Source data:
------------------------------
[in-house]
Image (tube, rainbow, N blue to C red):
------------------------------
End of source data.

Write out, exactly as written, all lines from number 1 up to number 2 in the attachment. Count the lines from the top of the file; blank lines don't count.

[in-house]
Image (tube, rainbow, N blue to C red):